Garnishment payable refers to the amount of money that an employer is legally required to withhold from an employee’s wages due to a garnishment order.
When a court orders a wage garnishment, it directs an employer to deduct a specific amount or percentage from an employee’s wages and remit it to a creditor. The amount to be garnished becomes a liability for the employer, as it’s money that legally belongs to the creditor, not to the employer. This liability is often recorded on the employer’s books as “garnishment payable” until it’s sent to the creditor.
For example, if an employee has a garnishment for a $2,000 debt, and $200 is deducted from the employee’s wages each pay period, the employer would record a $200 garnishment payable each pay period. Once the employer remits the $200 to the creditor, the garnishment payable is reduced by the same amount.
It’s important to note that garnishments are legal obligations. An employer who fails to comply with a garnishment order could potentially be held responsible for the debt.
The process and rules for wage garnishments can vary depending on local laws and the type of debt involved, so it’s always a good idea to consult with a legal professional when dealing with garnishments.
Example of a Garnishment Payable
Suppose we have an employee named Jane who has fallen behind on her credit card payments. After unsuccessfully trying to collect the debt, the credit card company sues Jane and wins a court judgment. The court then issues a wage garnishment order directing Jane’s employer to withhold a portion of her wages to pay the debt.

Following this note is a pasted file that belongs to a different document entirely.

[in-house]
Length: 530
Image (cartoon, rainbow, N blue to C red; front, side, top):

Jane earns $4,000 a month in net wages, and the garnishment order requires her employer to withhold 25% of her disposable earnings. This comes out to $1,000 each month.
When Jane’s employer receives the garnishment order, they will begin withholding $1,000 from Jane’s wages each month. From an accounting perspective, when Jane’s employer processes payroll, they will credit (decrease) Wages Expense for $4,000, debit (increase) Cash for $3,000, and debit (increase) Garnishment Payable for $1,000.
At this point, Jane’s employer owes $1,000 to the credit card company. This liability is recorded on the balance sheet as a Garnishment Payable. Once the employer remits the $1,000 to the credit card company, they will debit (decrease) Garnishment Payable and credit (decrease) Cash.
This process will continue each month until the debt is fully paid. Remember, this is a simplified example, and the actual process can vary based on local laws, the type of debt, and other factors.